This means setting specific, measurable goals and metrics that can be used to track progress. Without these, it’s difficult to quantify success. You wouldn’t invest in any other significant restructuring of your organisation without understanding the ‘why’.
3. Train your team members in SAFe®
To support your roll out, team members must have a good understanding of the SAFe framework and how it works. This means providing adequate training and coaching to help them understand the new processes and tools and clarify their roles and responsibilities. It also means providing ongoing support and coaching to help them continue to improve their skills.
You may already have agile-adept team members who can act as enablers for the methodology, and it is important to bring them along and make sure they understand the enterprise-level version as well. Scaled Agile offers a suite of different training options targeted to all levels of the organisation, from practitioners to leaders and specialist team roles. Likewise, ensuring teams have guidance from qualified SAFe Practice Consultants – either by utilising third party specialists or upskilling internal advocates – is critical to SAFe success.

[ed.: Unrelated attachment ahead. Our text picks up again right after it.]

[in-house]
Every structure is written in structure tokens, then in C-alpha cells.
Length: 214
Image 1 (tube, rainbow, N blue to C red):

4. Don’t forget the cultural change
SAFe is not just a process or a tool, it’s a culture change. SAFe implementations often involve significant changes to the way work is done, and it’s important that these changes align with the organisation’s culture and values. Without this alignment, it can be difficult to get buy-in and support from team members. This means focusing on creating an environment that is conducive to agile practices and principles, and encouraging team members to collaborate, communicate and continuously improve.
5. Good governance is key
Scaled Agile implementations often require a clear governance and oversight structure to ensure that:
- outputs and outcomes are aligned with the organisation’s overall goals and objectives
- the work is of high quality
- value is offered to the client
- the work meets the organisation’s standards and practices; and
- there is a focus on relentless and continuous improvement.
Scaled Agile implementations can be complex and challenge, but by focusing on these key success factors – executive buy-in, clear goals and metrics, adequate skills and training, embedding cultural change and good governance – organisations can avoid common obstacles and help to ensure their SAFe transition is a smooth one.
Remember, while SAFe is a powerful framework, it’s not a magic bullet. It takes hard work from everyone involved to experience the true value of an implementation. But with the right approach and ongoing coaching, it can lead to improved results across the enterprise, increased delivery of value and a more productive, efficient workforce.
SAFe and Scaled Agile Framework are registered trademarks of Scaled Agile, Inc.
Need help implementing the Scaled Agile Framework in your organisation? PM-Partners can make your transition smooth and successful with a range of training, facilitation and review services. Contact us or call 1300 70 13 14 for more details.